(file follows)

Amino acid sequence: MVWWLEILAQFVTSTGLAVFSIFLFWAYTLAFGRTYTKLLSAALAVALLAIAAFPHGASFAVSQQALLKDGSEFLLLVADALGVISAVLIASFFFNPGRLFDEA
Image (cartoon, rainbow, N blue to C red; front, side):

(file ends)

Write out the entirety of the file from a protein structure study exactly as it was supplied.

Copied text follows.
Amino acid sequence: MVWWLEILAQFVTSTGLAVFSIFLFWAYTLAFGRTYTKLLSAALAVALLAIAAFPHGASFAVSQQALLKDGSEFLLLVADALGVISAVLIASFFFNPGRLFDEA
Image (cartoon, rainbow, N blue to C red; front, side):